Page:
Currently, we have all [our social] groups siloed. Because we have many different contexts and levels of intimacy with people in these groups, we're inclined to use different systems to interact with them. Facebook for gaming, friends and family. LinkedIn for customers, recruiters, sales prospects. Twitter for friends and celebrities. And so on into specialist communities: Instagram and Flickr, Yammer or Salesforce Chatter for co-workers.
The situation is reminiscent of electronic mail before it became standardized. Differing semi-interoperable systems, many as walled gardens. Business plans predicated on somehow "owning" the social graph. The social software scene is filled with systems that assume a closed world, making them more easily managed as businesses, but ultimately providing for an uncomfortable interface with the reality of user need.
An interoperable email system created widespread benefit, and permitted many ecosystems to emerge on top of it, both formal and ad-hoc. Email reduced distance and time between people, enabling rapid iteration of ideas, collaboration and community formation. For example, it's hard to imagine the open source revolution without email.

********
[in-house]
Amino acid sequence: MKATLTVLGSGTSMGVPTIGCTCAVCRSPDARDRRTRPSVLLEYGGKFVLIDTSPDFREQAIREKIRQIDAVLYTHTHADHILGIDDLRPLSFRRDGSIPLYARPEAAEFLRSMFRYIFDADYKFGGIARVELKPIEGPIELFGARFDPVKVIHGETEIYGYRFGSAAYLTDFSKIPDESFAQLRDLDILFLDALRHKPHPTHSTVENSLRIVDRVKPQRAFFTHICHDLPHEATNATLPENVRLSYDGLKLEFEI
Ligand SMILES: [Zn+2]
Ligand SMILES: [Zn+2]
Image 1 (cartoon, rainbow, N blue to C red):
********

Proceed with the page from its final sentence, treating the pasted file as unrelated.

Dumbill seems not to have noticed that the various services he mentions, from Facebook to Twitter to Instagram, are already built around an "interoperable system": it's called the World Wide Web. Those aren't incompatible platforms, they are merely services you have to sign up for — just like Google.
Ah, but, "Though Google+ is the work of one company, there are good reasons to herald it as the start of a commodity social layer for the Internet. Google decided to make Google+ be part of the web and not a walled garden." Well, yes and no. You can see Google+ posts online, if the poster chooses to make them public, but you can't participate in the conversation without signing up for the service. In other words: just like Facebook, Twitter, Flickr, and so on.
In the end, it seems to me that Dumbill is merely saying that if all of us decide to share all our information with just one service, we'll have a fantastic "social backbone" for our online lives. And that may be true. Now, can we stop to ask whether there may be any costs to that decision?